This hub would operate on two levels crossing at a right angle, connected by escalators, similarly to the way most modern downtown rail transit terminals operate, such as MetroCenter, Gallery Place and L'Enfant Plaza in Washington DC.

The existing Metro line running east-west under Baltimore Street would be on one level. The other level would incorporate both the light rail Red Line and the various streetcar lines running north-south approximately under what was once Hanover Street in the "Down Under" garage.

The light rail Red Line would extend through this station from under Lexington Street to the west to the Lombard/Hanover portal to the south.

The streetcar lines would make the same connections as the Red Line, and would also run eastward under Lexington Street to the Preston Gardens portal where it would proceed northward along St. Paul Street.


The Red Line, which would accommodate both light rail and streetcars, would be built under Lexington Street through the Lexington Market Rail/Bus Transit Hub. The east end of the station would be under the intersection of Howard Street, and would incorporate escalators up to the surface of Howard Street to connect directly to the existing central light rail line.

Accommodations should also be made for a future connection to the Howard Street CSX tunnel, in the event that this freight tunnel is ever to converted to passenger use.

The west end of the new Red Line station would be under Eutaw Street for a connection to the existing Lexington Market Metro Station, either at the mezzanine level of that station, or via a new escalator linkage.

The north end of the existing Metro station, along Eutaw between Saratoga and Mulberry Streets, would be a new bus transit terminal. This would be on State-owned land immediately adjacent to the existing Metro escalators. The Red Line station under Lexington would be accessible via the existing mezzanine under Eutaw. Thus, the Lexington Market Rail/Bus Transit Hub would be shaped like an "L" under Eutaw Street (Metro) and Lexington Street (Red Line). The top (north end) of the "L" would be the bus terminal, linking directly to the existing Metro. The bottom (south end) of the "L" would be the Red Line, linking directly to the existing Howard Street light rail line.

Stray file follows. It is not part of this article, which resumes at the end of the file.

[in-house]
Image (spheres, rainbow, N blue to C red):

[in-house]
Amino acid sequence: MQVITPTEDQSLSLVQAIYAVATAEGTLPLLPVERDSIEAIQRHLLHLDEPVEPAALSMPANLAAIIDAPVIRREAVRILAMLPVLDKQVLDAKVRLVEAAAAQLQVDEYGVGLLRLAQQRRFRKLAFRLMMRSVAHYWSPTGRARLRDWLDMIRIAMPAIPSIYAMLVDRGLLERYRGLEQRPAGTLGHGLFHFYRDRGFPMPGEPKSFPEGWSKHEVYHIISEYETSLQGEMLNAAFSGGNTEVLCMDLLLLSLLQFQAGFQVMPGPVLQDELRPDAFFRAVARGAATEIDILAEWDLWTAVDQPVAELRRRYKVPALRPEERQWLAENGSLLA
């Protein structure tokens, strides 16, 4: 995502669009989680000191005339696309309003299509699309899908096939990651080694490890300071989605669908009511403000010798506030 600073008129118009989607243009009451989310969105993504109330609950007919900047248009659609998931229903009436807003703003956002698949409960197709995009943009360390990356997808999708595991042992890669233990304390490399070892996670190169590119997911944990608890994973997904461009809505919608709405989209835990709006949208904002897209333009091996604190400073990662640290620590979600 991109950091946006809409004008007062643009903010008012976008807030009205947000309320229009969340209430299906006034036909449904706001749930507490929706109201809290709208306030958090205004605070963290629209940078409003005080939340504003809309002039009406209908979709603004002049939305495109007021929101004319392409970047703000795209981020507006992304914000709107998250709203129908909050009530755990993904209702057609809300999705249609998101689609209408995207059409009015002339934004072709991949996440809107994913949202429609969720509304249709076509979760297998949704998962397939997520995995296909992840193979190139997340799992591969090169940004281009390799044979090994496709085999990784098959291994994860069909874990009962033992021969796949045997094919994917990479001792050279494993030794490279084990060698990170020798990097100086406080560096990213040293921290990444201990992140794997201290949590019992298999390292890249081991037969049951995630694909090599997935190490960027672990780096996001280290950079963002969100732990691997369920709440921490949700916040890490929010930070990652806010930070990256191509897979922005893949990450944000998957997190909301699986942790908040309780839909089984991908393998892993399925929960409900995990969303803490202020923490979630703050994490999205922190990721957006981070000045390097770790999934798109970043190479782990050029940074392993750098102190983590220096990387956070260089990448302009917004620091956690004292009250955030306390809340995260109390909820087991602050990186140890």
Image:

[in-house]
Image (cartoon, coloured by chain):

To illustrate the high degree of connectivity which this plan offers, here is one of the many ways that such a system could be operated.

I have not included the extension of the Red Line westward from the West MARC Station to Social Security, because I have not seen a way in which it can really work. (I don't like to discuss ideas unless I believe they are do-able). When a viable Red Line plan for Edmondson Avenue and Cooks Lane, or anywhere else, is presented by the MTA or whomever, I will jump on board.

In any event, a westward Red Line extension to Security can be built as a later stage.

For similar reasons, an eastward Green Line Metro extension to Middle River is also possible, but not shown here.

However, an additional Green Line Metro extension southeastward along the Haven Street corridor to Bayview, Highlandtown, Greektown, Brewers Hill and Canton Crossing is included, because it appears to be inexpensive and emminently feasible as the first subsequent extension to the basic plan.

The sample operating plan is as follows. Not all stations are listed.


Owings Mills
State Center
Lexington Market - bus terminal - transfer to Red, Purple, Blue and Orange Lines
Charles Center - transfer to Red, Purple, Yellow and Brown Lines
Hopkins Hospital
Berea/Biotech Park
East MARC Station - bus terminal
Brewers Hill
Canton Crossing


BWI-M Airport
Camden Station - MARC - transfer to Blue and Orange Lines
Convention Center - transfer to Gray and Brown Lines
Charles Center - transfer to Green, Purple, Brown and Yellow Lines
Lexington Market - bus terminal and transfer to Green, Blue and Orange Lines
Heritage Crossing
Franklin Square
West MARC Station - bus terminal


Glen Burnie/Cromwell
Camden Station - MARC - transfer to Orange and Red Lines
Baltimore Arena
Lexington Market - bus terminal and transfer to Green, Red, Orange and Purple Lines
Centre Street
State Center
University of Baltimore
Hunt Valley


BWI-M Airport
Camden Station - MARC - transfer to Red and Blue Lines
Baltimore Arena